UK pop stars back fight to overturn anti-gay laws

 

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The Independent Online

Top music stars and politicians are throwing their support behind a new international gay-rights group which is trying to battle homophobic discrimination in the Commonwealth.

On Tuesday pop legends Sir Elton John and George Michael will attend the official launch in the House of Commons of Kaleidoscope, which aims to get 19th-century British anti-gay laws revoked in the Commonwealth and beyond, by using business and political pressure.

It comes after campaigners grew increasingly concerned at how homosexual persecution is being actively encouraged by some Commonwealth states – particularly in Africa. In January, a Ugandan gay rights campaigner was beaten to death after being "outed" by a newspaper which published photographs of people it said were gay with a headline: "Hang them."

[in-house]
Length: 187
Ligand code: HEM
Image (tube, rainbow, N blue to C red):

Lesbians in South Africa have been murdered and faced "corrective rapes", while activists in Kenya and Ghana have also been targeted. Currently, 38 of the 54 members of the Commonwealth criminalise homosexuality.

Kaleidoscope says many countries have national gay rights organisations but there is no overall international body to coordinate action. London has become the base for the organisation, partly due to the Commonwealth link, but also because it is a business hub.

The group wants large multi-nationals to pressure regimes to change laws, particularly in more developed Commonwealth countries like Singapore. Nearly all the Commonwealth's anti-gay laws are a colonial legacy. They were introduced in the nineteenth century and not repealed when colonies won independence from Britain.

Bisi Alimi, who became the first Nigerian to come out on national TV, is one of Kaleidoscope's founding members. Yesterday he said: "As a result of coming out I was attacked, tied up and beaten in my own home in Lagos. For the first time in my life I not only saw a gun but I felt it right against my head. I was forced to leave my country."

Kaeleidoscope is supported by Prime Minister David Cameron and Deputy Prime Minister Nick Clegg, as well as by Labour leader Ed Miliband.

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